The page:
Alright, I’ll admit it…I’m already addicted to Penny Dreadful. Yes, I love Victorian period pieces, and as I mentioned last week in my review of “Night Work,” I am very, very fond of monsters. One of the reasons I chose the title of my blog is because I am so very many things, all cobbled together like Frankenstein’s monster. It is no coincidence that the OED lists the etymology of the word “monster” as “monere,” which means “to warn.” Monsters are here to show us things; they are here because we need them, even when we must construct elaborate hoaxes. Our monsters reflect something: they warn us of our shortcomings and remind us of our fears while allowing us to escape from the confines of what we know.
And speaking of what we know…One of the reasons that the Victorian period is so fascinating is that it was full of developments, particularly scientific and technological. Daguerreotypes were introduced in 1839, and by 1889, we had handheld cameras. Postage stamps were introduced, and the postage industry was standardized in a way that it had not been. Steam power made international trade and travel more possible than ever before. Anesthetics began to be used in medicine. New understandings of how diseases spread led to developments in surgical techniques, disease treatment, and sanitation. These developments created a world in which belief, suspicion, and science co-existed.
And the uneasiness of this co-existence led to some of the great stories we have now. In fact, one of the markers of Gothic fiction is ambivalence concerning technological and scientific advances. Frankenstein is concerned with creating life. In a notable scene from Stoker’s Dracula, Lucy has to receive a blood transfusion, and she gets blood from three different men. Conversations between the characters about these transfusions suggest discomfort with the idea of mixing blood (it is suggested that she is thrice married as she is blood-bonded to three men). Again, our monsters reflect something.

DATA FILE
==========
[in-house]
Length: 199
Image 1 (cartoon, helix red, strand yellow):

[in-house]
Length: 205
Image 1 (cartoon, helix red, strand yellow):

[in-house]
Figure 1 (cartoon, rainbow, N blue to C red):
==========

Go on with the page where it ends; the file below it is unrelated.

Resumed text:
And monsters on Penny Dreadful abound, but they’re not always where we think they’re going to be. (Warning: Spoilers below the cut.)
“Seance” doesn’t give us anymore vampires, but it does give us a few all-new monsters. We start the episode with the slaying of another woman, this time in a park. We get more whispers about whether Jack the Ripper is back, but know all too well that this is Something Else. Whatever it might be, it isn’t human–at least not entirely.
We then see Ethan wake up by the docks, hands cut to shreds, and he seems to have no memory of getting there. I don’t know what to make of that—and the show hasn’t explained it yet. He goes into a nearby lodging house/pub, buys a bottle of whiskey, and promptly begins to drink away whatever smidgens of memory he has left. There he meets Brona Croft (Billie Piper), a consumptive Irish prostitute (Can we get a Victorian prostitute who isn’t Rippere-ed or consumptive? Rare literary commodities, those).